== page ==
Nature's Place

A Silent Death …

Or a loving embrace? Either way, a most unusual meeting.

*

Out in the field at sundown with a strong wind blowing I came across a protected area that had a few different creatures sheltering in the grass tops, off the ground. The Orange Wasp was the most noticeable beside the gang of small green golden Nomad bees that I often find roosting here.

Usually the Orange Wasp is so skittish it is gone as soon as I see it, as if the act of cognising it is registered by the wasp and taken as a signal to fly. But the strong wind did interrupt that process this day. The Orange Wasp remained in the relative shelter as the sun went down behind the distant trees, and the wind continued to blow.

I focused on the Wasp, since there is usually no chance of a shot, and watched as it climbed the grass to the top. On the way it ran into a gang of small bees and caused something of a stir. Just one bee remaining behind, as if undisturbed by the wasp’s presence. The others moved off to another grass stem nearby.

And the wasp was curious of the one remaining, aware there was something there and pushing through the grasses to do what, I don’t know – taste, smell or otherwise sense the small bee. It wasn’t aggressive by any gesture or appearance, these wasps are more vegetarian than not, so if it wasn’t hungry the bee was safe. After a short while of the wasp probing the bee the bee moved on up the stem, better safe than sorry – though I think a bee knows no sorrow, just the programming of survival and all it entails. But perhaps, occasionally, a small creature will show signs of self consciousness.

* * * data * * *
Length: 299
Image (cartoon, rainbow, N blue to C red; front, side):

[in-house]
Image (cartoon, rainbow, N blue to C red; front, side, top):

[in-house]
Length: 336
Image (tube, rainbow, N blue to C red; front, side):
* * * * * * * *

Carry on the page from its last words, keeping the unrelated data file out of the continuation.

It was nearly dark with some light from the falling sun still getting through the clouds and trees at times, wind blowing as it was – see the bee on a stem in the blurred background in one picture – wind blown into the frame. When there’s time and opportunity I will endeavour to include any sun rise or setting for the background, but it was mostly a case of get what you can while you can. So I shot away at the wasp I was focused on.

*

After I had enough of that and she didn’t seem to be doing anything different so the shots would all be the same or versions of … I looked up the grass stem to where the bee had gone and there was another Orange Wasp facing my way with the bee behind it, and something else.